From Dell Rapids' Attic - History
Furious Tornado Swooped in on City 1884
On July 21, 1884, Dell Rapids was still in the early stages of its growth. It had been eleven years since the community began, and the population had now grown to nearly 1000 residents. The squabble that decided the site of the downtown business district had been settled, and many wooden buildings were now being built along the dirt road that would eventually become the historic main street that we know today.
In front of these wooden stores with their false-fronts, merchants had built boardwalks. Walking on a plank sidewalk was a luxury, but unfortunately many of these walks were built at different levels. A person walking on these walks would have to step up or down these crudely built structures so they could gain access to the entrance of the next place of business. But, as nature would have it, this was about to change.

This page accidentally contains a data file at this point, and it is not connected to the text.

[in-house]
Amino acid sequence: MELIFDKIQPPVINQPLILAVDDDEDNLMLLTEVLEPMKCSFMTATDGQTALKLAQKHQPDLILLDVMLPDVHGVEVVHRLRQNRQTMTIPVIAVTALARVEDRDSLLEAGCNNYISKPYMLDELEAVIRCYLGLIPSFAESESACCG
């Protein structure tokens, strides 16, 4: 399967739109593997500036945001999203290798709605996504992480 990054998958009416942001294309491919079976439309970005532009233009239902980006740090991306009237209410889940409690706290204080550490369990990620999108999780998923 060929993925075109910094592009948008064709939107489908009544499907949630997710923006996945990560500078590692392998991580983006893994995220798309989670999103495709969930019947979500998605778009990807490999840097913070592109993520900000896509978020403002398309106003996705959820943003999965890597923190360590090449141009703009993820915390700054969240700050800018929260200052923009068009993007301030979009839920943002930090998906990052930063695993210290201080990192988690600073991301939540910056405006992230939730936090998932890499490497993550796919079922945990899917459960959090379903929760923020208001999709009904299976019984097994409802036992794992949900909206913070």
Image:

One of the worst storms that Dell Rapids ever experienced blew into the city that day. The storm with hurricane force winds of up to 100 m.p.h. blew relentlessly for half an hour. The damaging effects destroyed many businesses, the school, and many homes. It had a devastating effect on the community, which would be forced to look at rebuilding.
Fifty-two years later, (August 6, 1936) the Dell Rapids Tribune wrote an article recalling this storm. In this revised and edited article, the business names will remain the same - the names they were known as in 1936. Only our local old-timers will be able to tell you their exact locations today.
It came as quarrels sometimes
do when married folks get clashing.
There was a heavy sigh or
two before the fire was flashing.
A little stir among the clouds
before they went asunder;
A little rocking of the trees and